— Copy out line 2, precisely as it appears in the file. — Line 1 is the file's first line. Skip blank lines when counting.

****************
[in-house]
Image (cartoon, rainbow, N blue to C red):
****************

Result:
Image (cartoon, rainbow, N blue to C red):